Management & Operations

All Eyes on Transit Security

Posted on August 1, 2003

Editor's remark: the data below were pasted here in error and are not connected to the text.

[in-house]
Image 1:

When it comes to transit security, there is no such thing as too much vigilance. Though public transportation may now be safer and more prepared for emergencies than ever before, it is by no means a time to be content and not attempt to raise the bar. With this in mind, the Federal Transit Administration (FTA) has created a nationwide safety and security awareness program, dubbed Transit Watch. The program is designed to be an easy and low-cost way for transit officials to encourage the active participation of passengers and employees in maintaining a safe environment. Modeled on the highly successful Neighborhood Watch crime prevention program, which the National Sheriff’s Association implemented in the early 1970s, Transit Watch seeks to foster the role of transit as a safe haven in communities across the country. A collaborative effort To develop Transit Watch, the FTA teamed with several industry partners, including the American Public Transportation Association, the Community Transportation Association of America, the Amalgamated Transit Union and the Transportation Security Administration. Research for the project included a survey on various transit-related issues of 16 agencies, which represented large, medium and small transit systems in geographically and demographically diverse communities. The study found that 75% of transit agencies observed increased employee concern levels after Sept. 11. Additionally, only 50% of the agencies surveyed had some form of safety/security materials available. Further development for Transit Watch included a series of focus groups the FTA conducted with transit passengers and employees across the country. In every city, participants cited instances of local violence or suspicious behavior that had taken place in the context of transit use. The consensus among participants was that a vigilant partnership between riders and employees would be beneficial for all. Transit employees also reported that they would feel safer knowing that passengers would report suspicious activities to them. Launching the campaign Participants in the focus groups also provided input on a final creative design for Transit Watch. The result is a series of brochures and posters that display slogans such as, “Follow your instinct: if something does not look right, let us know,” and “When it comes to our safety, we can always use an extra pair of eyes.” The FTA and its partners devised a Transit Watch toolkit that contains everything transit authorities need to implement the program in their area. Artwork and document templates are included on a CD in the toolkit so each agency can easily customize its own materials. Before launching a local Transit Watch campaign, officials are encouraged to distribute information to select media outlets. The toolkit includes sample press releases that make the process as easy as copying and pasting in the agency’s name. The FTA also recommends giving Transit Watch presentations during staff, department and board meetings to generate involvement and ensure that everyone understands and supports the campaign. Furthermore, it is critical that all agency employees know what to do if passengers bring security concerns to their attention. When all of the pieces are in place for a local Transit Watch program, officials should organize a launch event/press conference in a centrally located transit hub that is easily accessible to the media and other guests. The mayor, city council members, chief of police and head of a local transit union are good choices for special invitees. It is recommended that the event consist of a brief agenda and take place on a slow news day, such as a Monday, to secure maximum media coverage. After the official launch, the transit agency should continue to contact local media outlets with updates and news items on the program to continually keep Transit Watch in the public eye. Multitasking The FTA designed Transit Watch to correspond with its “Top 20 Security Program Action Items for Transit Agencies,” which the administration released in January. The list contains measures recommended by the FTA as a means for local transit authorities to improve security and emergency preparedness. Of the 20 objectives on the list, participation in Transit Watch directly accomplishes two, which fall under the “Training” category: No. 12 — Security orientation or awareness materials are provided to all front-line employees. No. 14 — Public awareness materials are developed and distributed on a system-wide basis. To obtain a Transit Watch toolkit or additional information, contact Tina Burke in the FTA’s Office of Communications and Congressional Affairs at (202) 493-0937,, or Gail Taylor in the FTA’s Office of Safety and Security at (202) 366-1218,

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